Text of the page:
The strongest source of vitamin D comes from the sun. When the sun hits your skin, the UVB rays react with a molecule in your skin and synthesize vitamin D. These reactions can be inconsistent, though, and factors skin pigmentation, use of sunscreen, and the strength of the sun all affect the amount of vitamin D that you make.
If it is difficult for you to get vitamin D from the sun, you can also get it from food. Dietary sources of vitamin D include:
- Fatty fish such as salmon, tuna, and mackerel
- Fortified dairy and dairy alternatives
You can find many more options for food sources of vitamin D using InsideTracker’s new nutrition page.
Vitamin D supplements are another great option that can give you that extra boost. In fact, vitamin D supplements are the most commonly used supplements among our InsideTracker users. Check out a recent blog we wrote on how to safely choose a supplement.
Because vitamin D plays a large role in the body, but can be difficult to get, testing your vitamin D level is very important! Testing takes the guesswork your health so you can take control and see exactly how your dietary changes affect your biomarkers. Test your vitamin D with us and receive a personalized set of recommendations for how to optimize your levels.
Some other blog posts we think you'll love:
-  Beydoun MA, Gamaldo AA, Canas JA, Beydoun HA, Shah MT, McNeely JM, Zonderman AB. “Serum nutritional biomarkers and their associations with sleep among US adults in recent national surveys.” PLoS One. 9.8(2014).
-  Massa J, Stone KL, Wei EK, Harrison SL, Barrett-Connor E, Lane NE, Paudel M, Redline S, Ancoli-Israel S, Orwoll E, Schernhammer E. “Vitamin D and actigraphic sleep outcomes in older community-dwelling men: the MrOS sleep study.” Sleep. 38.2(2015): 251-257.
-  Hansen AL, Dahl L, Olson G, Thornton D, Graff IE, Froyland L, Thayer JF, Pallesen S. “Fish consumption, sleep, daily functioning, and heart rate variability.” J Clin Sleep Med. 15.10(2014): 567-575).
-  Huang W, Shah S, Long Q, Crankshaw AK, Tangpricha V. “Improvement of pain, sleep, and quality of life in chronic pain patients with vitamin D supplementation.” Clin J Pain. 29.4(2013): 341-347.
-  Musiol IM, Stumpf WE, Bidmon HJ, Heiss C, Mayerhofer A, Bartke A. “Vitamin D nuclear binding to neurons of the septal, substriatal, and amygdaloid area in the Siberian hamster (Phodopus sungorus) brain.” Neuroscience. 48.4(1992): 841-848.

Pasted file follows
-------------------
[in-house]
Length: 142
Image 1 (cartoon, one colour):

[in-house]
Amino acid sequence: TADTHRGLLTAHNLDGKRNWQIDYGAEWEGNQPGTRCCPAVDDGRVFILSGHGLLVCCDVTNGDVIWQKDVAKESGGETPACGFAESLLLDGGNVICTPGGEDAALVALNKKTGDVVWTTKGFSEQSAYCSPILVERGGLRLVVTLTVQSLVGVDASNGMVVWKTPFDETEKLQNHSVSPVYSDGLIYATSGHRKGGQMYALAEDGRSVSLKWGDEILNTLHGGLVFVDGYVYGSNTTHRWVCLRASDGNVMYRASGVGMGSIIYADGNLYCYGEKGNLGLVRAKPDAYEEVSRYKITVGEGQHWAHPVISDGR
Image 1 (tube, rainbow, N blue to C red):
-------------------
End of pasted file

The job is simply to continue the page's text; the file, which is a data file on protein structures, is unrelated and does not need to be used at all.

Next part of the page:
-  Gominak SC, Stumpf WE. “The world epidemic of sleep disorders is linked to vitamin D deficiency.” Med Hypotheses. 79.2(2012): 132-135.
When to Take Vitamin D: How Vitamin D Affects Sleep
- Low vitamin D levels affect your entire body, including your sleep.
- Researchers aren’t sure how vitamin D affects sleep (yet). What we do know is that raising vitamin D levels is associated with better sleep quality.
- Keep reading to find out when to take vitamin D, plus tips to naturally increase your levels.
You might know that a large percentage of the U.S. population is low in vitamin D. What you may not know is that low vitamin D levels can lead to insomnia and other sleep disorders — yikes. Unless you have access to adequate sun exposure, taking a vitamin D supplement is an easy way to get your levels up.
However, there are nuances to when to take vitamin D and how much to take. Here’s what you need to know.
Learn why you're not sleeping and find out how to wake up feeling refreshed. Enter your email to get your free guide!
Vitamin D and sleep
More than half of the world population is deficient in vitamin D. That’s a problem because your body uses vitamin D for every system in your body, from maintaining bone health to supporting immunity. Low levels of vitamin D are directly related to the amount and quality of sleep you’re getting.
Rodent studies have found vitamin D receptors in the parts of the brain that regulate sleep.  Clinical studies (in people) have found that low levels of vitamin D are associated with poor sleep quality. In one uncontrolled study, participants who brought up their vitamin D levels saw significant improvement in sleep and neurologic symptoms